Iron deficiency manifests itself with tiredness

Iron deficiency manifests itself with tiredness

A lack of iron causes fatigue
29.09.2014

Fatigue, dizziness, paleness of the face: all of these symptoms can indicate iron deficiency. If you have too little of this trace element in your body, you should change your diet. But be careful: too much iron can also be unhealthy.

Iron deficiency has significant health effects Chronic fatigue, impaired performance, dizziness, difficulty concentrating or pallor in the face: An iron deficiency often first manifests itself in unspecific complaints. A lack of this trace element can have a significant impact on health. The reasons for this can be "about the diet, insufficient iron absorption in the body or excessive blood loss". Many sufferers get a grip on the problem with home remedies for iron deficiency, such as a change in diet.

Popeye - the strong spinach-eating sailor This refers to Popeye, the sailor who gains superhuman strength through spinach. The cartoon character has certainly contributed to the fact that many children knew from childhood that spinach strengthens the muscles. The trace element iron plays an important role in human health. So it can be read that the organism is required for the transport of oxygen, for various metabolic processes, for the energy supply to the cells and for a powerful immune system. Iron is a component of various enzymes, including one that produces the neurotransmitter dopamine in the brain. This neurotransmitter is important in connection with attention, sleep, learning, motor activity, behavior and mood. If there is an iron deficiency, less dopamine is produced. "If the body lacks iron, there can be numerous symptoms for those affected". In addition to the symptoms described above, some patients also experience torn corners of the mouth, brittle toenails and fingernails, dull hair or hair loss, sensitivity to cold or depressive moods.

Diet of vegetarians and vegans "Around 30 to 50 percent of all menstruating women have an iron deficiency due to regular blood loss," explained biochemist and medic Peter Nielsen, head of the iron metabolism clinic at the University Medical Center Hamburg-Eppendorf, to "Spiegel Online". Many children and adolescents between one and a half and three years old and between 12 and 14 years old also had a growth-related iron deficiency. In people with obesity, the enlarged fat tissue in the abdomen can cause more inflammatory substances to be released and the body consequently absorbs less iron. According to the article, endurance athletes, the elderly, people with high blood loss due to injuries or chronic gastrointestinal inflammation, as well as vegetarians and vegans are at increased risk of iron deficiency. This has to do with the fact that runners often eat little meat in order to save animal fats and that seniors sometimes eat poorly. A meat-free diet lacks the iron it contains. “Vegetarians and vegans should put their diets together very carefully and intelligently. Then there is no need for iron deficiency, ”says Nielsen. However, studies in recent years have repeatedly found that a corresponding risk for vegetarians is much lower than often stated. In addition to an adapted diet, you can counter iron deficiency with the means of nature. For example, plant preparations with bitter substances, such as Swedish herbs, can help.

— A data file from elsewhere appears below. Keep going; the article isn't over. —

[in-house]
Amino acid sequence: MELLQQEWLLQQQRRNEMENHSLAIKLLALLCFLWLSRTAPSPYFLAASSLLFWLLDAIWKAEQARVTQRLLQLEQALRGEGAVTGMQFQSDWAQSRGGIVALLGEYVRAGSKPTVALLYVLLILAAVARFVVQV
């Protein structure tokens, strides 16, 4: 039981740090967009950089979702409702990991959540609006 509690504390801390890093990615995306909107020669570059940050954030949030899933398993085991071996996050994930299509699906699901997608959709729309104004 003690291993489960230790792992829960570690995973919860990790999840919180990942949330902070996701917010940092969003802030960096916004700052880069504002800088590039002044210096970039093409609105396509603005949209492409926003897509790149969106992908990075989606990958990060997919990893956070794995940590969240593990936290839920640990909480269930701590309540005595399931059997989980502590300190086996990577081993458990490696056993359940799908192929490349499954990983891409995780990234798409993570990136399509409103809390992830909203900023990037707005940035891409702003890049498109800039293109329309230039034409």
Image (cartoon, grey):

Too much iron is also unhealthy Not only too little, but also too much iron in the body is unhealthy. An increased iron level can manifest itself, among other things, through fatigue, irritability, joint pain, impotence or no menstrual period, liver damage, diabetes, cardiac arrhythmia and a metallic-gray skin color. "Around one in 300 people in Germany suffer from the most common cause of iron overload, hereditary hemochromatosis, an inherited iron storage disease," explained Nielsen. The absorption of iron from food is usually reduced by the body's own protective mechanisms, since excess iron can lead to oxidative stress in the cells. “But don't worry, the cells have antioxidative protection systems when the iron levels are slightly increased. The cells are only damaged if the iron levels are higher, ”says Nielsen. In addition, the liver forms a hormone that reduces iron absorption. However, this mechanism is genetically absent in people with iron storage disease.

Too much meat can cause discomfort. As a result, too much iron is absorbed from the diet and initially deposited primarily in the liver, later also in other organs such as the pancreas and in the joints. As a result, rheumatoid-like joint problems occur and the sugar metabolism is increasingly disrupted. "Fortunately, only relatively few of the people affected by hemochromatosis get really sick," says Nielsen. The complaints usually appear between the ages of 40 and 50. "But sometimes young people already have pronounced symptoms, especially if they eat a lot of meat." As a treatment, it can be a bloodletting that stimulates the blood replication that consumes iron. The patient is relieved by about 500 ml of blood every one to two weeks for up to one and a half years - even as part of a blood donation - to normalize the iron levels. Maintenance therapy then begins, i.e. three to four bloodletting per year, in order to keep iron levels low. Nielsen concluded: “Recently, many overweight people have come to us with suspected hemochromatosis because of their increased iron levels. Many of these people have simply ingested far too much iron due to the large, mostly meat-rich food quantities, and apparently liver restriction means that they no longer work properly. But they do not have hemochromatosis. "(Ad)

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